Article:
"We had no car and we had to walk to the grocery stores," Cathy said. "It's real interesting grocery shopping in China."
After four months, stress and numerous trials took their toll. "I was having a hard time," Cathy conceded. "To be honest, I just couldn't live there anymore."
The Muses packed their bags and moved to Costa Rica and later to Panama. They worked as missionaries until 2000. "We had some difficulties, and I started feeling doubts again," Muse said. "I just sank into a pit of depression."
Muse said he became overwhelmed with anger, unresolved anger from his childhood. He had been bullied so much as a child that, upon returning to similar environments in Costa Rica and Panama, old resentment boiled within.
"I thought, I don't want to be a missionary here," Muse said.
After the family returned to the United States in 2000, Muse decided he would return to work in the secular world. He jumped around at a few jobs and in 2003, he went to work for the Texas Department of Public Safety. He became a trooper in El Paso County.
"Everything was going well, but I felt God calling me in my heart," Muse said. "I knew that I had a good job. I knew that the work was honorable and important. But I would go home every night and I'd be in tears. I was not doing what God wanted me to do."
While still a trooper, Muse began preaching occasionally in Fort Hancock in 2004. But it wasn't enough.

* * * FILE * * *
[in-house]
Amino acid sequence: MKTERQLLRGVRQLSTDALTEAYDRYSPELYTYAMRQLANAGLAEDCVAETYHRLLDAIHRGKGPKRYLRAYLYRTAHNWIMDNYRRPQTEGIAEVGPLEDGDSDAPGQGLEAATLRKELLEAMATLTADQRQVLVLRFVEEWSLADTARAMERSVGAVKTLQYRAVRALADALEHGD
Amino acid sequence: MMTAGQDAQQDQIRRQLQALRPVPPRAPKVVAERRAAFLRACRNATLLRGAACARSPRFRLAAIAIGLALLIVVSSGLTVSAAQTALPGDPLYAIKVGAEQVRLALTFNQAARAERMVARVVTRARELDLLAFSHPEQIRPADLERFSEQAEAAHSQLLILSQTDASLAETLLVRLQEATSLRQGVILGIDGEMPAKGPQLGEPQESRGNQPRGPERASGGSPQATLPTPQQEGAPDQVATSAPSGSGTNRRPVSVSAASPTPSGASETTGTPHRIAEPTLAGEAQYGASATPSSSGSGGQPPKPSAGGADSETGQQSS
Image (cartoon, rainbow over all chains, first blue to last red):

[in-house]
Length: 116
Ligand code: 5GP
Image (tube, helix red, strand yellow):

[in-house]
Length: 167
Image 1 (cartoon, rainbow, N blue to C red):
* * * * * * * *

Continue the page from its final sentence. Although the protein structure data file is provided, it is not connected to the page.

In June 2005, Muse resigned from the DPS. Again, he and his wife sold their home. They moved from East El Paso to Fort Hancock and are living in a small parsonage.
Is he feeling doubts or regret?
"Absolutely zero," Muse said, confidently.
The preacher is coming up on his first anniversary at Fort Hancock Baptist Church in June. There are about 40 people in his congregation, and Muse said anyone who "hungers for God" is welcome.
"I don't have a specific plan, really," Muse said. "I told the people, 'I don't really know what I'm doing, but I hope you'll take me as I am.' "
They do. And so do others in Fort Hancock.
"He's a wonderful person, he's very nice," said Maria Franco, a waitress at Angie's Restaurant in Fort Hancock.
The small diner, the only real sit-down restaurant in Fort Hancock, is a popular meeting place for friends and neighbors.
Franco, who has lived in Fort Hancock for 30 years, says she's impressed with Muse's ability to speak Spanish so well. "Both he and his wife are very nice people," Franco said. "He's a good father, too." Muse and wife Cathy, who has a part-time job with the Hudspeth County Conservation Irrigation District, both say they will continue to "walk in faith."
"I'm just taking things day by day. Seek the face of God -- that's what I'm trying to do," Muse said.
"I think that's what most of our congregation wants to do, too."